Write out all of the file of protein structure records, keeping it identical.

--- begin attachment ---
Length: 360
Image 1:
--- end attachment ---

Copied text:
Length: 360
Image 1: